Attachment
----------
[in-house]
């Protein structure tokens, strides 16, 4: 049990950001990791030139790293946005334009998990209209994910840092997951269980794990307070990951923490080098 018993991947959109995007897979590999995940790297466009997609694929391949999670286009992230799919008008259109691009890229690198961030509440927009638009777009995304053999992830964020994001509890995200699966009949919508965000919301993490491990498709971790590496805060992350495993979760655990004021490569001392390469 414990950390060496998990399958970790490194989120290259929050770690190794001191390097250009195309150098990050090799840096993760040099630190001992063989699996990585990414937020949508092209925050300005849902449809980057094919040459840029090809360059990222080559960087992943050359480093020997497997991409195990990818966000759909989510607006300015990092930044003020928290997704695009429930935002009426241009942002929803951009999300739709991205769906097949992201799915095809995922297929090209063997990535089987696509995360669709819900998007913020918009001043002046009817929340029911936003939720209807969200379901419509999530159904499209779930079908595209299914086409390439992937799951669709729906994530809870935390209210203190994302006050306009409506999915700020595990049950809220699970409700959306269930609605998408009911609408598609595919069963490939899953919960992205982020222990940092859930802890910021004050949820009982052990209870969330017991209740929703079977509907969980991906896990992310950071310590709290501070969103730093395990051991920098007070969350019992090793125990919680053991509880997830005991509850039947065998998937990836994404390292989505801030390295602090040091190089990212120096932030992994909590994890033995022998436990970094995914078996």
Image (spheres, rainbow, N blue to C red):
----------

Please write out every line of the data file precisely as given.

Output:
[in-house]
């Protein structure tokens, strides 16, 4: 049990950001990791030139790293946005334009998990209209994910840092997951269980794990307070990951923490080098 018993991947959109995007897979590999995940790297466009997609694929391949999670286009992230799919008008259109691009890229690198961030509440927009638009777009995304053999992830964020994001509890995200699966009949919508965000919301993490491990498709971790590496805060992350495993979760655990004021490569001392390469 414990950390060496998990399958970790490194989120290259929050770690190794001191390097250009195309150098990050090799840096993760040099630190001992063989699996990585990414937020949508092209925050300005849902449809980057094919040459840029090809360059990222080559960087992943050359480093020997497997991409195990990818966000759909989510607006300015990092930044003020928290997704695009429930935002009426241009942002929803951009999300739709991205769906097949992201799915095809995922297929090209063997990535089987696509995360669709819900998007913020918009001043002046009817929340029911936003939720209807969200379901419509999530159904499209779930079908595209299914086409390439992937799951669709729906994530809870935390209210203190994302006050306009409506999915700020595990049950809220699970409700959306269930609605998408009911609408598609595919069963490939899953919960992205982020222990940092859930802890910021004050949820009982052990209870969330017991209740929703079977509907969980991906896990992310950071310590709290501070969103730093395990051991920098007070969350019992090793125990919680053991509880997830005991509850039947065998998937990836994404390292989505801030390295602090040091190089990212120096932030992994909590994890033995022998436990970094995914078996």
Image (spheres, rainbow, N blue to C red):